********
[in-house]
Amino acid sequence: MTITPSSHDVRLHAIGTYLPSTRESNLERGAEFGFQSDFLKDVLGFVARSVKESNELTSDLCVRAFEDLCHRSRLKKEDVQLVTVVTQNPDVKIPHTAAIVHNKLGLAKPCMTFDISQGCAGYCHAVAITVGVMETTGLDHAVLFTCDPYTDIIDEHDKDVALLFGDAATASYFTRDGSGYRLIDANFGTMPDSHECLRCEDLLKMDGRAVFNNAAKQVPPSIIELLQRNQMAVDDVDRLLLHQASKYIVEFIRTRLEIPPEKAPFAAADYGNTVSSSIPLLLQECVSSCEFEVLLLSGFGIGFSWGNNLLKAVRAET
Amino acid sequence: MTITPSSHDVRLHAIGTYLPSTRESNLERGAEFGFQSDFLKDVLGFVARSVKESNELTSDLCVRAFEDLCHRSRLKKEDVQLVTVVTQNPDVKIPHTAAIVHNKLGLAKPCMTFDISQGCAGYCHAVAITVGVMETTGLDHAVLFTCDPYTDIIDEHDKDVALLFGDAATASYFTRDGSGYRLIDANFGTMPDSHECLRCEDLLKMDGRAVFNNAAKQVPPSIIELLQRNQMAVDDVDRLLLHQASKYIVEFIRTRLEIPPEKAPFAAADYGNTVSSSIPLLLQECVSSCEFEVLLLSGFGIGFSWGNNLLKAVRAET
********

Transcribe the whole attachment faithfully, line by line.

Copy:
[in-house]
Amino acid sequence: MTITPSSHDVRLHAIGTYLPSTRESNLERGAEFGFQSDFLKDVLGFVARSVKESNELTSDLCVRAFEDLCHRSRLKKEDVQLVTVVTQNPDVKIPHTAAIVHNKLGLAKPCMTFDISQGCAGYCHAVAITVGVMETTGLDHAVLFTCDPYTDIIDEHDKDVALLFGDAATASYFTRDGSGYRLIDANFGTMPDSHECLRCEDLLKMDGRAVFNNAAKQVPPSIIELLQRNQMAVDDVDRLLLHQASKYIVEFIRTRLEIPPEKAPFAAADYGNTVSSSIPLLLQECVSSCEFEVLLLSGFGIGFSWGNNLLKAVRAET
Amino acid sequence: MTITPSSHDVRLHAIGTYLPSTRESNLERGAEFGFQSDFLKDVLGFVARSVKESNELTSDLCVRAFEDLCHRSRLKKEDVQLVTVVTQNPDVKIPHTAAIVHNKLGLAKPCMTFDISQGCAGYCHAVAITVGVMETTGLDHAVLFTCDPYTDIIDEHDKDVALLFGDAATASYFTRDGSGYRLIDANFGTMPDSHECLRCEDLLKMDGRAVFNNAAKQVPPSIIELLQRNQMAVDDVDRLLLHQASKYIVEFIRTRLEIPPEKAPFAAADYGNTVSSSIPLLLQECVSSCEFEVLLLSGFGIGFSWGNNLLKAVRAET